Over the past 2 decades, heart failure has become the leading cause of cardiovascular morbidity and mortality. Epidemiological studies show that approximately half of the patients diagnosed with heart failure have a normal ejection fraction.1 The combination of an aging population along with a marked increase in the prevalence of comorbid conditions has resulted in a steady increase in the diagnosis of heart failure with preserved ejection fraction (HFpEF). Compared with patients with left ventricular dysfunction, patients with HFpEF appear to have better survival, although mortality remains significantly higher than that of the healthy population.2 Of equal concern is the high rate of morbidity and frequent hospital admissions associated with HFpEF.3 Despite multiple large-scale clinical trials, no study has identified a treatment that can improve overall survival.4-6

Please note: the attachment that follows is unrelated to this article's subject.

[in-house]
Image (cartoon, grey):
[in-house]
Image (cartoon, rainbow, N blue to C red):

Sayer G, Uriel N. Troponin Assessment in Heart Failure With Preserved Ejection Fraction: Time to Get With the Guidelines. JAMA Cardiol. 2017;2(2):125–126. doi:10.1001/jamacardio.2016.4840
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